I have had the pleasure of talking to several Academy Award-winning DPs and Directors that have visited 3ality Digital - artists at the top of their game. Those that I've spoken with believe in the creative possibilities of S3D and how it can enhance a story. I've said it before in a few threads and will repeat it... when features start coming out that are non VFX-driven and use S3D as a powerful dramatic tool for storytelling, it will change perceptions. Not everyone's, of course, but a lot of people.
The tests that I've been looking at recently with great acting talent and camera crews that really believe in S3D and a DP/Director that embrace it from the beginning as an integral part of storytelling - yes, it absolutely does make a difference. Looking at the scene in 2D is still great, but the S3D component adds a visceral feel and an intimacy that doesn't exist in 2D.
Coming from a music background, it's sort of like saying, "You don't need a Steinway to play piano!" Which is true, but it's still not a Steinway. Qualitatively different.
Loved Avatar in 3D, loved Pirates in 3D (digital Imax), loved the new Transformers trailer in 3D (space & destruction never looked so good) and I've loved every single animation movie in 3D. So does my family and my girlfriend.
The one I didn't really like was Beowulf a long time ago. I also tend to like polarized better than shuttered because of the heavy weight of the shuttered glasses
To each their own?
Last edited by Rob Lohman; 06-02-2011 at 06:37 PM.
You know, I think the only thing in 3D that I fully 100% enjoyed besides the Muppets 3D movie/ride that used to be at Universal, was the Phish 3D concert film.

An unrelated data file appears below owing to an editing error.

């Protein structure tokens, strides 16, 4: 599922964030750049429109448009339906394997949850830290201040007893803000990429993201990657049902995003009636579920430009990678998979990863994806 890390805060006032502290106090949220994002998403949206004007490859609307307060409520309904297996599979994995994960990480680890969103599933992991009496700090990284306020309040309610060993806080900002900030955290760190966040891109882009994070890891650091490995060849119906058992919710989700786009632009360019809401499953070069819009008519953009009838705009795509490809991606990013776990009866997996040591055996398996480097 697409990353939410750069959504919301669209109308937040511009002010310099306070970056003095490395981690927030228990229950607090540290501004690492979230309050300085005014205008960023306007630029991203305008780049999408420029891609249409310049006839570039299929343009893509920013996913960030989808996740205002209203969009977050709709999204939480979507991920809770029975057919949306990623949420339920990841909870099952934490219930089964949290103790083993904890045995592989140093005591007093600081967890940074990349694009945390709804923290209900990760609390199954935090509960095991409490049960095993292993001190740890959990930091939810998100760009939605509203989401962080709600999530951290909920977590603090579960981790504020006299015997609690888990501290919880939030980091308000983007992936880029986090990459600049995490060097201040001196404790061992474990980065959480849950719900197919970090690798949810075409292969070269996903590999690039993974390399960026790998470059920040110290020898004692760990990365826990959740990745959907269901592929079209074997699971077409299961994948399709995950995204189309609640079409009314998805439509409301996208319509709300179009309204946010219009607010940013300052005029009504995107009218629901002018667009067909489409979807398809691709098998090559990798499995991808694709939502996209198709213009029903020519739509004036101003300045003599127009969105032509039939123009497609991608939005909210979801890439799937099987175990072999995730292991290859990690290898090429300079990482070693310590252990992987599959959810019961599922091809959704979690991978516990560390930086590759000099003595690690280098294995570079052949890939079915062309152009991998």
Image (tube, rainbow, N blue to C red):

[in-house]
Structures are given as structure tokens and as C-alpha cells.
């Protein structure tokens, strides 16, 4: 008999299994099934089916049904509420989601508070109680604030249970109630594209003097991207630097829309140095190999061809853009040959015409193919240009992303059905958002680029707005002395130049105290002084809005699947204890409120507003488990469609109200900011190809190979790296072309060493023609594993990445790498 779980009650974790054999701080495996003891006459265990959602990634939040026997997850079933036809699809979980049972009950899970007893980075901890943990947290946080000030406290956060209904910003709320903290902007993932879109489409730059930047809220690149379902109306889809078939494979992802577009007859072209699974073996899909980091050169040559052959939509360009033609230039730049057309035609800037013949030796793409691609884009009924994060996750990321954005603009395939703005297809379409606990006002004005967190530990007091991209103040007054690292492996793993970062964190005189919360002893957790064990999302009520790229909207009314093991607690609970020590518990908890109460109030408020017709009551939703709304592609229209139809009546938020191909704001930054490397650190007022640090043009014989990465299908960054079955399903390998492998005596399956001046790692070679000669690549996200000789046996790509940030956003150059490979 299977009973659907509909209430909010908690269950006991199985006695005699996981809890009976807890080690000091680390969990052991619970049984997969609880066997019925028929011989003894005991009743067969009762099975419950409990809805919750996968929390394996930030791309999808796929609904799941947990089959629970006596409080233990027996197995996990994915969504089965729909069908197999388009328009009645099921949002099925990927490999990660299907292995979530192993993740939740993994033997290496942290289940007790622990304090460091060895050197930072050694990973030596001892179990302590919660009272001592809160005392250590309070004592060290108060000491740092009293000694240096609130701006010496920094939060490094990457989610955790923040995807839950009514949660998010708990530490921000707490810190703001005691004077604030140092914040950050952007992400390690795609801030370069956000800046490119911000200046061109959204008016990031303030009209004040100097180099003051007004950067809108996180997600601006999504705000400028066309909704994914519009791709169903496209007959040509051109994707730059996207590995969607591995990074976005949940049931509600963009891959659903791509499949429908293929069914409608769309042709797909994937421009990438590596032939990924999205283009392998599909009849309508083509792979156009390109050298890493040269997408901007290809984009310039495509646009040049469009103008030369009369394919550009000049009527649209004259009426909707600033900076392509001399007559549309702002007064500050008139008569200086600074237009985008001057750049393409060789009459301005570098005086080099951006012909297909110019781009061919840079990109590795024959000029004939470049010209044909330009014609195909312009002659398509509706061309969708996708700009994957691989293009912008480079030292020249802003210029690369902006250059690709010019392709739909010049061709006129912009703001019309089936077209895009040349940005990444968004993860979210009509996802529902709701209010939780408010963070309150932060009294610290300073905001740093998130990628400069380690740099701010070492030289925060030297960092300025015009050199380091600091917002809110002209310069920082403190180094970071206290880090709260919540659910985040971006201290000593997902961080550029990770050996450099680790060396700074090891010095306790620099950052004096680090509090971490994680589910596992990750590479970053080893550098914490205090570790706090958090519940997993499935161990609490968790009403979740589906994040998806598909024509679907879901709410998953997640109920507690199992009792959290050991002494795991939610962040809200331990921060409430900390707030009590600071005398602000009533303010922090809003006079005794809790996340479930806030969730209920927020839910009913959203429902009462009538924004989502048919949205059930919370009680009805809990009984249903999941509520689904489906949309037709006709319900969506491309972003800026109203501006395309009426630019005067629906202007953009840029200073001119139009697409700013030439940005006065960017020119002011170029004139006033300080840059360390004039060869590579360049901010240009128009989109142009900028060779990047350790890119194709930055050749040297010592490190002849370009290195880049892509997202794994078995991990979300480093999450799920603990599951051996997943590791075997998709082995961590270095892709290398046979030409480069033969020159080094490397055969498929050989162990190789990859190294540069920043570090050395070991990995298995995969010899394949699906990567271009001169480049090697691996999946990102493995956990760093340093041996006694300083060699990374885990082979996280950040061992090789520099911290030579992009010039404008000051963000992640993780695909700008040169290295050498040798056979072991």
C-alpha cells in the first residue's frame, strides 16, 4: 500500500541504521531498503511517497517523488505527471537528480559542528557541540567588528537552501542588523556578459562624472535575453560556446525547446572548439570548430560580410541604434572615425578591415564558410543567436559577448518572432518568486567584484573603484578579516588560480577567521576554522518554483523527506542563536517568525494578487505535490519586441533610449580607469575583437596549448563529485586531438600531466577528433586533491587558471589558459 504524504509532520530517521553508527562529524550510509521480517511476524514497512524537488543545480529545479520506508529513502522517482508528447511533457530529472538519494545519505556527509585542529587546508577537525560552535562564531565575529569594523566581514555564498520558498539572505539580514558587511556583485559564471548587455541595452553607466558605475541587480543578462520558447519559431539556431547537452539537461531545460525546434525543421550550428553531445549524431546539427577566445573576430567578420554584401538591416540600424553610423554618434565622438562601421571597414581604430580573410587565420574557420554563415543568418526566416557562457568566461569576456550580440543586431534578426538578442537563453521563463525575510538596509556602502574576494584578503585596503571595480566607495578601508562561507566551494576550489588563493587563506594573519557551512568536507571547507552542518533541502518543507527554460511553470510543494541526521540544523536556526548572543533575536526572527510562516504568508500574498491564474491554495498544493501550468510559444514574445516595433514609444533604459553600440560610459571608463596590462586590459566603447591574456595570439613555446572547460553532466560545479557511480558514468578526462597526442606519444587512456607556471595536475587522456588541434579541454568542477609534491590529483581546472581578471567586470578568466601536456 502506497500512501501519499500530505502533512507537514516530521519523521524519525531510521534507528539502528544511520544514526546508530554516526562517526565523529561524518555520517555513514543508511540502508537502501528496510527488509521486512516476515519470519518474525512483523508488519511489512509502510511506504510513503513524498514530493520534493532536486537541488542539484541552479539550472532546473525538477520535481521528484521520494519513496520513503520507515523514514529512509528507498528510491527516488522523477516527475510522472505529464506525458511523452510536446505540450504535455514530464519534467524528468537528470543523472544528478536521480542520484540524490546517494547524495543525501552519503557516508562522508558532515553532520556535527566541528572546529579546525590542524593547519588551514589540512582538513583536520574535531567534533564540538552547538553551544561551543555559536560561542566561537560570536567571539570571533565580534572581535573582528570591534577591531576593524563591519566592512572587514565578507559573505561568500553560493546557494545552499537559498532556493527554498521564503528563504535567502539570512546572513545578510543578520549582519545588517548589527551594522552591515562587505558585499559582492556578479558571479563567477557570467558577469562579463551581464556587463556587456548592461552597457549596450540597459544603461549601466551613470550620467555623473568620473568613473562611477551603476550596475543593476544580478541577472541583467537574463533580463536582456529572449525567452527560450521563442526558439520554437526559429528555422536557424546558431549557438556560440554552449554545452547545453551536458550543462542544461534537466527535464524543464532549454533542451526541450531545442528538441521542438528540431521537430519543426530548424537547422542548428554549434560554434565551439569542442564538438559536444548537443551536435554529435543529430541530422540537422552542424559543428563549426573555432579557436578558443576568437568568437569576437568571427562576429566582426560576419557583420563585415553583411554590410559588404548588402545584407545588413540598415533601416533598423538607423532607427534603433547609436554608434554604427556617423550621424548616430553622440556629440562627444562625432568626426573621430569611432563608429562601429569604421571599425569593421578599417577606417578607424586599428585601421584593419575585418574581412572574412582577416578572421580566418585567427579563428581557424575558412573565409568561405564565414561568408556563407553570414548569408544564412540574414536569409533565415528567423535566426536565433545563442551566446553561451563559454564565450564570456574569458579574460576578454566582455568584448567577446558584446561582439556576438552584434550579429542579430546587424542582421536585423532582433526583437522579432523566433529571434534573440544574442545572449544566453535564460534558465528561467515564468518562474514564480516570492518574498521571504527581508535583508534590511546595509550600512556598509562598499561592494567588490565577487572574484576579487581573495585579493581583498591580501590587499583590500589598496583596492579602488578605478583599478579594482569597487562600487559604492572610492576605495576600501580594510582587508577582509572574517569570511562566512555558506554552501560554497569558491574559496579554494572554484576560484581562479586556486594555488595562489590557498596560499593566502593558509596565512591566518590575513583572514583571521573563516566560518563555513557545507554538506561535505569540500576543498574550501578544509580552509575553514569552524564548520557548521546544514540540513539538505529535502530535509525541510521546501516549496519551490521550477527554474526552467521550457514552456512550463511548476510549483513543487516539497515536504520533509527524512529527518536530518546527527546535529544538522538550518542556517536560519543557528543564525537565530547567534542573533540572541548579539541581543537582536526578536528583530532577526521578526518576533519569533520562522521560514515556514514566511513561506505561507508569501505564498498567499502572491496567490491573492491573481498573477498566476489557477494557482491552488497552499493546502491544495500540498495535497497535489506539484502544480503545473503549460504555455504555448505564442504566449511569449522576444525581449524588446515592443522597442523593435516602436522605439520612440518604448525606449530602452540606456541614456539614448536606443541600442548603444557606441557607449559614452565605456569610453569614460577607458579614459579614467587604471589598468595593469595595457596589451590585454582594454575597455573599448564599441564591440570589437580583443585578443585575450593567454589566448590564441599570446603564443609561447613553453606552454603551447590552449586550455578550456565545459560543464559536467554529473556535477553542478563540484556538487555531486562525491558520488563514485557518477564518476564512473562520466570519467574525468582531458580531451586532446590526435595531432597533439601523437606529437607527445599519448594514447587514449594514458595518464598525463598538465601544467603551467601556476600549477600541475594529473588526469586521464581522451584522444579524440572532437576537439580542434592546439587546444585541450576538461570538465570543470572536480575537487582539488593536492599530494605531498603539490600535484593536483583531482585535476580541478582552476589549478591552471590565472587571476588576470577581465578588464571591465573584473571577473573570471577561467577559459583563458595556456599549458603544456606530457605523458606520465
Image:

"Loving Cup" in 3D was epic with the horn section and background singers :P
There are definitely situations in wildlife shooting where the stereoscopic image adds a significant additional value, and guess many people would and will appreciate this "extra dimension". While saying this, for me the crucial issue is, is there going to be a portion large enough in the audience who will appreciate or even demand 3d images? Correspondingly, my own preferences are very much a side issue.
The difficulty in making decisions lies in the additional effort needed to shoot in 3d. And I'm not worried of the technical issues but instead on the different practices 3d bring with it. That is, as is well known, long telescopes do not fit well in 3d shooting. Consequently, one should get the cameras close to the animals while being hided oneself. The extra weight implies the tripod & fluidhead, dollies, crane, cable carts etc. should be sturdier, and needless to say, this means also literally quite an additional load of equipment to carry out there. Hence the question, will 3d provide one with a unique advantage in wildlife shooting, will there be a demand making 3d a necessity, or, the other way around, will the current wave diminish in the next years or not? In other words, "to be or not to be" ...
Making predictions is always difficult, especially making predictions of the future.
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